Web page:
Fantasia 2021: THE SADNESS — Transgressive Touchstone for 2020

In the late 80’s/early 90’s there was a classification, or rating if you will, in Hong Kong called Category III. These were films that “No persons younger than 18 years of age were permitted to rent, purchase, or watch in the cinema.” While of course soft-core porn usually fell under this umbrella, so did some of the more notable in Chinese transgressive Cinema — The Untold Story, Ebola Syndrome, and Men Behind the Sun. These were films that trafficked in not only extreme visuals, but sometimes paired them with some extreme ideas as well. The Sadness carries on that tradition thanks to director Rob Jabbaz, a Canadian filmmaker based in Taiwan who gives us his view of how this pandemic played out, with zombies as the metaphor.

The Sadness is COVID-19 told through the prism of a rage zombie narrative, using its genre trappings to get away with some rather poignant observations on the government mishandling of the pandemic. The narrative in itself is the story of Kat (Regina) and Jim (Berant Zhu) a young couple who after separating to go about their day to day, find themselves trapped in pre-apocalyptic world where normal people are infected and turn into rage killing/raping murderers. The couple then spend the rest of the film trying to reunite as they battle their way through the city, trying to survive through some of the goriest and gut-wrenching scenarios in recent memory.

Buckets of red stuff people here. Buckets.

The film starts its chilling commentary as Jim starts his day consuming bit-sized bits of misinformation and virus denial over social media, which sets the stage going forward. There is definitely an old versus new school thread here as well that even touches on the new socially aware aspect of Chinese culture versus the older less woke set. This has Kat on a train spurning an older man who was making awkward and repetitive advances, by threatening to go to the police for sexual harassment. She is then reprimanded by the man stating this new generation is just too sensitive and a woman should just be able to take a compliment. That man then is of course turned, and spends the rest of the film hunting Kat in a very interesting statement on the predatory nature of men.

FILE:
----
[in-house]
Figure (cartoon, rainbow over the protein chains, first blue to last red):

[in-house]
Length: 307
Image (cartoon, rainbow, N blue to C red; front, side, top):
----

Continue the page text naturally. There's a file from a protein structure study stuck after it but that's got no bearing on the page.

The Sadness however really sharpens its claws when we are treated to a government broadcast about the virus where we discover 4.5 million are currently infected. After a rather empty speech about overcoming adversity in the shadow of this virus, which plays out to a bloody emergency room full of people who don’t’ feel any better thanks to these empty promises. One of the soldiers breaks rank on the television, using a grenade to blow up the head of a government official mid-speech. Its ham-fisted as hell, no doubt, but it gets its point across without incident. It’s these kinds of over the top moments that can infuriate, just as easy as instigating a discussion on what film is attempting to comment on.

The Sadness will be a Transgressive touchstone for 2020. It’s vile, unrelenting, hard to watch and there’s a lot of subtext buried beneath the surface for those willing to dig in. I just think most will get hung up on how it’s presented here, but I honestly couldn’t see it produced any other way. The film is a gore soaked blast that is equal parts scathing and hilarious just how far Rob Jabbaz is willing to go in this endeavor, that brought back for me watching a film like The Untold Story or Ebola Syndrome for the first time. It feels even more wrong today, but it’s done in such a tongue-in-cheek way you really can’t take it too seriously. I mean there will no doubt be fans of this film just because its extreme nature, and I don’t say that lightly. But after surviving 2020, this statement feels a bit more cathartic.

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